Major Cities Of The Indus Valley Civilization Essay

1019 Words Nov 19th, 2014 5 Pages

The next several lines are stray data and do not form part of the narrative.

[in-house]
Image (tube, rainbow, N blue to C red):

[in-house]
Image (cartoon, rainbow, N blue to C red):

Surviving through droughts was not a critical factor to the survival of the Indus Valley Civilization; its people survived because of a remarkably advanced technological engineering not present in any of the Mesopotamian or Egyptian civilizations. The engineering and city planning used to design many of the three main cities of the Indus Valley suggest strong leadership and forethought to incorporate public works, irrigation, indoor plumping, reservoirs, and craft production. Their process of firing bricks was ingenious, as they were needed to sustain the flooding that occurred occasionally. Harappa, Mohenjo-Daro and Dholivira all possessed similarities linking their civilization together and suggest that this civilization was a group of city-states and possibly an overall state similar to those of Mesopotamia. Each of the large city-states had extensive plumbing and sewage systems, communal baths, citadels—a religious center, and planned houses built with streets and alleyways. In addition to the complex planning used to build these cities, in which they had large, fortified walls with limited access and housed a presumed upper class with areas around to support the middle or lower classes. Trade of beads, bangles, jewelry of copper, Lapis lazuli, and even gold occurred, not only along the Persian Gulf but extended to Mesopotamia and Egypt. Clearly the advanced engineering, significant trade and planned cities throughout the region suggest the Indus Valley…

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